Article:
Trudeau exonerates hanged war chiefs of 1864 on B.C. Tsilhqot’in title lands

About two hundred Tsilhqot’ins gathered in the Nemiah Valley Friday to witness Canadian Prime Minister Justin Trudeau personally apology and exonerate six of the Nation’s war chiefs who were hanged in 1864.

It was a picturesque scene at about 1 p.m. when Trudeau and Chief Joe Alphonse, TNG chairman, galloped into the grassy area flanked by snow-capped mountains to start the historic meeting.

Following speeches by the current Tsilhqot’in chiefs, Trudeau took to the microphone, stating he recognized that the war chiefs were only protecting their nation which was under threat by another at the time when they were lured to a meeting in Quesnel by colonial officials for peace talks and were instead arrested, tried and hanged.

“Those were mistakes that our government profoundly regrets and is determined to set right,” Trudeau said.

“The treatment of the Tsilhqot’in chiefs represents a betrayal of trust, an injustice that you have carried for more than 150 years.”

The chiefs that perished on Oct. 26, 1864 near Quesnel were Head War Chief Lhats’as?in (Lhas-awss-een); Chief Biyil (pe-yal); Chief Tellot (tay-lot); Chief Tahpitt (ta-peet); Chief Chayses (chay-sus); and Chief Ahan (a-han) who was hanged in New Westminister in 1865.

Those who took part in the day Friday said they felt happy about the exoneration from Canada, but also sad that their war chiefs had to give their lives to protect their lands. He said they hoped now they rest in peace.

Chief Joe Alphonse said the meeting on traditional lands was an enjoyable, relaxing experience for him compared to going to Ottawa in March to the House of Commons where Trudeau first formally exonerated the war chiefs.

Read More: Prime Minister Trudeau formally exonerates Tsilhqot’in war chiefs

He said he was very pleased that the Prime Minister accepted the invitation to come to the title lands so that the TNG members could hear for themselves the exoneration.

Xeni Gwet’in Chief Jimmy Lulua thanked Trudeau for coming to title lands and said he was proud of his Tsilhqot’in people.

“I’m so excited to keep moving forward and it’s an honour and I thank Justin Trudeau for being the first prime minister to come to title lands and to set history right.”

Chief Russell Myers Ross said he hoped the apology would allow for meaningful government-to-government work moving forward.

After the formal apology and exoneration, the Nation presented Trudeau with a special gift — a replica of the buckskin jacket given to his father which was made at that time by Tsilhqot’in member Julie Gilpin. Julie was on hand to present the new jacket, made by her daughter Denise Gilpin, to Trudeau.

“It fits perfect,” Trudeau said, smiling and noting all his dad’s jackets were small for him.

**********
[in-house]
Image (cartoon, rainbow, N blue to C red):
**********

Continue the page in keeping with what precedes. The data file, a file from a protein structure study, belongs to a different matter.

Trudeau then made his way into the crowd to greet as many people as he could before making the long journey back to Williams Lake by vehicle, the same way he came in, and flying out of the airport there.

Payel Laceese, a grandson to Julie and son to Denise, said he hoped the meeting would bring healing.

“Our people can let that go without there being that grudge,” he said, adding he felt there was a special connection with Trudeau, due to the history with the jacket.

“It’s not just a nation-to-nation relationship, it’s family-to-family.”

Former Xeni Gwet’in chief Annie Williams also thought the meeting was exceptional.

“It’s hard to believe he was here,” she said as the convoy pulled away. “It felt like he was one of us.”


Do you have a comment about this story? email:
editor@wltribune.com

Like us on Facebook and follow us on Twitter.

Prime Minister Justin Trudeau and TNG Chief Joe Alphonse ride to the meeting place Friday at Xeni Gwet’in where Trudeau exonerated six hanged war chiefs of 1864 before Tsilhqot’in members. Angie Mindus photos

Just Posted

Family of Cameron Kerr plead for driver to come forward

“Stand up and be a human.” Those were the only words that… Continue reading

Gwaii Haanas celebrates new Land-Sea-People plan

Forty per cent of Gwaii Haanas marine areas protected under new, integrated plan

Kitimat arena closed until further notice due to chilling system malfunction

Saturday night’s Terrace River Kings and Kitimat Ice Demons game was cancelled as a result

Northwest Regional Airport traffic increases

LNG announcement has sparked interest

VIDEO: B.C. legislature clerk, sergeant at arms suspended for criminal investigation

Clerk of the House Craig James, Sergeant-at-arms Gary Lenz on administrative leave

Police aim to prevent retaliation after Hells Angel found dead under B.C. bridge

IHIT confirms Chad Wilson, 43, was the victim of a ‘targeted’ homicide

Otter makes a snack out of koi fish in Vancouver Chinese garden

Staff say the otter has eaten at least five fish

Police looking into two more incidents at private Toronto all-boys’ school

Police and the school have said two of the prior incidents involved an alleged sexual assault

B.C. lumber mills struggle with shortage of logs, price slump

Signs of recovery after U.S. market swings, industry executive says

25% of Canadians still won’t say they use pot, survey says

Statistics Canada poll says Canadians on average were 18.9 years old when they first tried pot.

Canucks’ 50/50 jackpot expected to surpass $1 million

The guaranteed prize for one lucky winner will be $500,000 minimum when Vancouver hosts LA Nov 27

The latest advent calendar trend: Holiday cannabis

A Canadian company is giving people from coast to coast a new way to celebrate the Christmas countdown.

B.C. woman allegedly threatens to rip out intestines of American man

A Kamloops-area woman is accused of harassing and threatening to disembowel an American man

Most Read